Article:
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How did vulnerabilities in AirWatch Agent and Inbox work?

Flaws in AirWatch Agent and AirWatch Inbox allowed rooted devices to bypass the software's security measures. Expert Matthew Pascucci explains how these vulnerabilities worked.

VMware disclosed and patched a couple of serious vulnerabilities in its AirWatch mobile security software. The vulnerabilities allow rooted devices to bypass AirWatch's detection system, potentially accessing encrypted local data within Inbox, AirWatch's containerized email app. How did these vulnerabilities allow rooted devices to bypass these security features?

AirWatch is software that can be used to protect against compromised mobile devices, which are known as being rooted, and that allow security settings, emails and other functions to be applied to a phone for defense against attackers.

In this case, two vulnerabilities allowed attackers to root devices without the AirWatch software noticing. Normally, when AirWatch software is installed on a device, it checks whether the device is already rooted. A policy can be created on the agent console that informs the agent what to do if this is found during enrollment. Typically, the policy is configured to have an installation of the AirWatch Agent decline the install if it's being attempted on a rooted device.

AirWatch also has apps that can be installed within its suite of products, and one of these apps, the AirWatch Inbox -- a containerized email client that's supposed to provide separation from the data within it and the rest of the device -- was also found to be vulnerable.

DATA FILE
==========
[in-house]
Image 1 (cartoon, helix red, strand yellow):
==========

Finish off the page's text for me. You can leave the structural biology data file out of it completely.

The vulnerabilities that were found affect the AirWatch Agent and AirWatch Inbox apps on Android devices. It's interesting to note that this isn't possible on the iPhone. Since Android allows open access to its operating system, which is a double-edged sword, this vulnerability was made possible.

The AirWatch Agent app for Android is the key issue here, since it wasn't able to detect the root exploit first. During the exploit, the AirWatch Agent isn't able to detect particular binaries being renamed, and the device is rebooted as a way to reload the new malicious binaries. In doing this, the AirWatch Agent doesn't detect a device being rooted, and allows the reboot to occur, bringing up the device as rooted, without the agent software considering it compromised. The mobile device is now completely compromised, without the AirWatch Agent detecting it.

The second part of the vulnerability allowed a rooted device to decrypt the data within the local AirWatch Inbox. This allowed attackers that had already bypassed the AirWatch Agent to take it a step further, bypassing the local encryption on the device.

AirWatch has gone to great lengths to ensure the security of its clients' email on mobile devices, and the patch it released should be applied as soon as possible.

Both of these issues, the root bypass and the local encryption bypass, have been remediated with a patch to the AirWatch software. AirWatch highly recommends that all users download the latest version of the AirWatch Agent from the Google Play Store to remediate this issue. In order to fix the Inbox vulnerability, AirWatch has insisted that pin-based encryption be enabled, and that a new version of the Inbox app can assist with remediating this issue.

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